Christmas is a holiday of peace and joy, and most of all a time of wonder and innocence for children. It is a time of belief in magic and goodness, a day when small wishes come true. This year, in particular, we need reminding of that fact.
It has been less than two weeks since a town in Connecticut was rent by unspeakable horror, an event so terrible that it spread sadness in the hearts of men, women, boys and girls across the globe. In the face of such profound grief, it feels difficult, even unseemly, to remember that miracles occur at Christmas.
But they do. The joy on the face of a child who sees the presents — however meager or lavish — that have appeared under the tree on Christmas morning is a miracle. The love and laughter of families reunited is a miracle. The simple act of thinking of others before ourselves is a miracle.
Santa Claus is a miracle.
One hundred and fifteen years ago, an editorial writer at The Sun (of New York, not, sadly, Baltimore) made that very point in his response to a young girl who had written to the paper to express her doubts. It is likely the most famous editorial ever written, and we don't dare to imagine that we could top it. But we do humbly suggest that this is a year when we could all use to read it one more time.
DEAR EDITOR: I am 8 years old.
Some of my little friends say there is no Santa Claus.
Papa says, 'If you see it in THE SUN it's so.'
Please tell me the truth; is there a Santa Claus?
115 WEST NINETY-FIFTH STREET.
VIRGINIA, your little friends are wrong. They have been affected by the skepticism of a skeptical age. They do not believe except they see. They think that nothing can be which is not comprehensible by their little minds. All minds, Virginia, whether they be men's or children's, are little. In this great universe of ours man is a mere insect, an ant, in his intellect, as compared with the boundless world about him, as measured by the intelligence capable of grasping the whole of truth and knowledge.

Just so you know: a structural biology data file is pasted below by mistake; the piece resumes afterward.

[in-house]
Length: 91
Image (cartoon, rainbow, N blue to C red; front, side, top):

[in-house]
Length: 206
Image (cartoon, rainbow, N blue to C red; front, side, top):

Yes, VIRGINIA, there is a Santa Claus. He exists as certainly as love and generosity and devotion exist, and you know that they abound and give to your life its highest beauty and joy. Alas! how dreary would be the world if there were no Santa Claus. It would be as dreary as if there were no VIRGINIAS. There would be no childlike faith then, no poetry, no romance to make tolerable this existence. We should have no enjoyment, except in sense and sight. The eternal light with which childhood fills the world would be extinguished.
Not believe in Santa Claus! You might as well not believe in fairies! You might get your papa to hire men to watch in all the chimneys on Christmas Eve to catch Santa Claus, but even if they did not see Santa Claus coming down, what would that prove? Nobody sees Santa Claus, but that is no sign that there is no Santa Claus. The most real things in the world are those that neither children nor men can see. Did you ever see fairies dancing on the lawn? Of course not, but that's no proof that they are not there. Nobody can conceive or imagine all the wonders there are unseen and unseeable in the world.
You may tear apart the baby's rattle and see what makes the noise inside, but there is a veil covering the unseen world which not the strongest man, nor even the united strength of all the strongest men that ever lived, could tear apart. Only faith, fancy, poetry, love, romance, can push aside that curtain and view and picture the supernal beauty and glory beyond. Is it all real? Ah, VIRGINIA, in all this world there is nothing else real and abiding.
No Santa Claus! Thank God! he lives, and he lives forever. A thousand years from now, Virginia, nay, ten times ten thousand years from now, he will continue to make glad the heart of childhood.Copyright © 2015, The Baltimore Sun